Jeremy Mitchell, left, at his 2019 graduation from the Central Maine Community College electromechanical technology program. Two of his peers, Chuck Smith, next to Mitchell, and Joe Martineau, far right, were also laid off from the Androscoggin Mill. Abby Fogg, next to Martineau, quickly joined the mill-worker study group for their seriousness and dedication to completing their program. Photo Courtesy of Jeremy Mitchell

REGION — Livermore Falls resident Jeremy Mitchell was no stranger to layoffs when he was included in one of Verso Corporation’s 2017 round of job cuts at the Androscoggin Paper Mill in Jay.

“I went from being laid off in Rumford then getting hired in Jay where I thought I would be safer and then getting laid off again,” Mitchell said recently during a Zoom interview.

Following his layoff at the paper mill in Rumford, Mitchell worked the night shift at Irving Lumber as he struggled to find a job in the area offering comparable pay to the mill. After bearing a significant pay cut for a year while his three kids were still young, he reluctantly decided that he would return to construction work despite the arduous schedule.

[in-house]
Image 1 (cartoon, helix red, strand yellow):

“A lot of times construction entails traveling and the same thing, getting laid off,” he said.

Just as Mitchell was preparing to reenter a field with a work schedule that was incompatible with raising a young family, the Jay paper mill called Mitchell for an interview.

He then spent the next 14 years working 12-hour shifts, rotating days and nights for three-day stretches following three days off, as a drying machine operator on paper machine one.

“I lived in the place…I did all kinds of other things, lockouts, safety trainings,” Mitchell said. “I made good money, but I paid for it because I lived in that place all my days off, working overtime; just the shift work, it’s really hard on your body, on your family.”

There were always opportunities for overtime Mitchell said, as Verso would run the mill with minimal staff and did not emphasize training with all employees. Often, Mitchell could pick up extra hours because he was the only employee available with the knowledge for that particular job.

In Mitchell’s last year at the mill, paper machines one and two were shut down as Verso downsized its production and workforce. He was moved to paper machine three which already had a seasoned crew and operators.

“So when I went over to three there were already people that did the stuff that I did. They did utilize me some, but it just wasn’t the same,” Mitchell said. “I went from top to bottom real quick.”

During Mitchell’s time as an operator, he kept his work interesting by conducting trainings and lockouts which are procedures that ensure the safety of employees during maintenance by shutting down machines. When he transferred to machine three, the lack of engaging work started to drag on him.

“There were some times when I just thought, I’d love to get out of this place,” Mitchell said.

In October of 2017 that wish came true when Mitchell learned that he would be one of 190 workers laid off in the coming months as paper machine three was destined to be permanently shut down.